Author: Lillian Hellman
First published: 1941
Locale: Near Washington, D.C.
Fanny Farrelly, the head of a distinguished Washington family. She eagerly awaits the return of her daughter, Sara, who has spent many years abroad with her German husband, rearing a family and helping him in his anti-Fascist efforts. Fanny disapproved of the marriage but is now eager to make amends. She is out of touch with what has been happening in Europe, but she responds well to Kurt's explanation of his activities on behalf of the men and women who have opposed Adolf Hitler. Fanny is so moved by Kurt's humane efforts on behalf of his fellow human beings that she conspires with him in the murder of Teck de Brancovis, who plans to inform on Kurt to the German embassy.
David Farrelly, Fanny's good-looking son, who has struggled under the shadow of a famous father. David falls in love with Marthe de Brancovis and helps Kurt survive Teck's scheme against him.
Marthe de Brancovis, Teck's attractive wife, an American who has tired of her husband's gambling and his generally dissolute life. She is a guest in Fanny's home and falls in love with her son David.
Teck de Brancovis, a Romanian nobleman who gambles away his funds and decides to turn in Kurt Muller to the German embassy, which is sure to pay Teck for his efforts. Teck is suave but contemptuous of Americans, including his hostess, Fanny.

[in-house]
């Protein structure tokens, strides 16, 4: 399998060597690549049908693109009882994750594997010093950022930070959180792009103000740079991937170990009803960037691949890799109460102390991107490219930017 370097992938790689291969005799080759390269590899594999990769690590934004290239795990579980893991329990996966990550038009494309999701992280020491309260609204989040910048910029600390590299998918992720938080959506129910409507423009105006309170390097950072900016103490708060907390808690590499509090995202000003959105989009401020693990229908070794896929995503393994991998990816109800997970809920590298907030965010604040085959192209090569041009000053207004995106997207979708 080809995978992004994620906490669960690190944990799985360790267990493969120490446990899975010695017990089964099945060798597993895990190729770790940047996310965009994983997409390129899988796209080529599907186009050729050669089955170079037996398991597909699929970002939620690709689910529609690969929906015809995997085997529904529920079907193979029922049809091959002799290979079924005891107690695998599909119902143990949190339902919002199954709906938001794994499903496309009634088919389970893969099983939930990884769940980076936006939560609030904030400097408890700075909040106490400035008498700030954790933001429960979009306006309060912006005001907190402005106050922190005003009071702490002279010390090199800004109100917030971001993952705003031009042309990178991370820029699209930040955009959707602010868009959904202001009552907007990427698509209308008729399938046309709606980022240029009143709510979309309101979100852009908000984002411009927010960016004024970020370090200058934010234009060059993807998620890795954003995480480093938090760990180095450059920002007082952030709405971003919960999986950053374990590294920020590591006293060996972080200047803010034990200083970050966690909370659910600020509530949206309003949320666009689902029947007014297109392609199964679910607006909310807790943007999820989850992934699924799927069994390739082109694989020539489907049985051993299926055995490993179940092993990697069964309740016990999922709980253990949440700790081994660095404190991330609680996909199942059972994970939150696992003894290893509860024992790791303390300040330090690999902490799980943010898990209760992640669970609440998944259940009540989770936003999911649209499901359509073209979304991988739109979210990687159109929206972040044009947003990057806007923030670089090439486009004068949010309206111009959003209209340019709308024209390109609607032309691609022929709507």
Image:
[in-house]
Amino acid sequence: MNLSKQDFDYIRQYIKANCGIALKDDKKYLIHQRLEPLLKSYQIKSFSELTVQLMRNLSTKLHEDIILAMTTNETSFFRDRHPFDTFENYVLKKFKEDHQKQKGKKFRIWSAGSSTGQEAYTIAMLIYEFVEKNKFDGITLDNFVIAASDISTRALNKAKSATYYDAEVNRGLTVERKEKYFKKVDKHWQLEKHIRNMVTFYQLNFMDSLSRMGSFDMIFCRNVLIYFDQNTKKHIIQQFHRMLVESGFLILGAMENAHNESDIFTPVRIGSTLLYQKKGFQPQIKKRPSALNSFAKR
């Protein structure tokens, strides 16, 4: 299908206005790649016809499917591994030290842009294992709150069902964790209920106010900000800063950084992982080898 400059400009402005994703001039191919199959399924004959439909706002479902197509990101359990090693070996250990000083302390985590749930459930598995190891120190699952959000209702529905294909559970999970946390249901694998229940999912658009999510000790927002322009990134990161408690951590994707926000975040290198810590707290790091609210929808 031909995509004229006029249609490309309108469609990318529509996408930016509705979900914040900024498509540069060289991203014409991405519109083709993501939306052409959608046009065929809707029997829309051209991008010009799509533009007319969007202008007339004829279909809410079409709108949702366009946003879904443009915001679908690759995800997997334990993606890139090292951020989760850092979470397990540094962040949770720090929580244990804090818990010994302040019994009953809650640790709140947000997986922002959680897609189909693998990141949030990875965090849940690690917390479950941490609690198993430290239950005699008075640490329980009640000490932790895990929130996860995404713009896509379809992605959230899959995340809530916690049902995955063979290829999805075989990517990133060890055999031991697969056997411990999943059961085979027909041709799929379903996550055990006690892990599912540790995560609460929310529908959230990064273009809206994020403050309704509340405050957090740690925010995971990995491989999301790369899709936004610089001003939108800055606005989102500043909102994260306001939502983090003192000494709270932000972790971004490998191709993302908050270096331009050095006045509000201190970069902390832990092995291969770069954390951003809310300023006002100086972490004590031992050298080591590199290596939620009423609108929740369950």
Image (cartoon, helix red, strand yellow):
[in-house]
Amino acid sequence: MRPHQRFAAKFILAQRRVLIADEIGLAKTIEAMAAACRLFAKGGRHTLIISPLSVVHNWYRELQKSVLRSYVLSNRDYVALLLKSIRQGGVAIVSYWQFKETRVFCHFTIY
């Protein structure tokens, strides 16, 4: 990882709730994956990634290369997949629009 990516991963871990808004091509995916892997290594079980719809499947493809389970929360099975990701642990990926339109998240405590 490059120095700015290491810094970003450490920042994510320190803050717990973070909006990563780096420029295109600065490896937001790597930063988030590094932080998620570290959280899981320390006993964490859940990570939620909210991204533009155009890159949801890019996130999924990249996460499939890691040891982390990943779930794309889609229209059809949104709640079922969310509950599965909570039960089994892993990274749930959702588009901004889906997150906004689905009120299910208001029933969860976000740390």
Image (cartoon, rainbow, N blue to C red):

Kurt Muller, Sara's husband and the play's hero, a vulnerable man. His hands have been broken in torture, and he dreads returning to Europe, even though he knows that he must leave to rescue his compatriots who are in jail or are facing imminent extermination by the Nazis. Kurt is eloquent yet modest about his role in history. He impresses Fanny with his sincerity and determination and is instrumental in arousing her awareness of the threat to civilization that Fascism poses.
Sara Muller, Kurt's dedicated wife, who has had to brook her mother's displeasure over her marriage. She wins Fanny over, however, with her dedication to Kurt and her family. Sara, in fact, articulates many of the emotions and opinions that Kurt keeps to himself. In this sense, she is his interpreter, saying in her own words what it has meant to follow him and to dedicate herself to his cause.
Bodo Muller, Kurt and Sara's precocious child. Like Sara, he often expresses in blunt fashion opinions about freedom and democracy that Kurt only implies in his manner and halting speech. Bodo injects some humor into the play with his youthful sense of importance.
Babette Muller, the middle child in the Muller family. She is much like her mother, supporting the family's political commitment and feeling a solidarity with her father.
Joshua Muller, Kurt's son. As the oldest child in the family, he feels a special responsibility for carrying on his father's mission.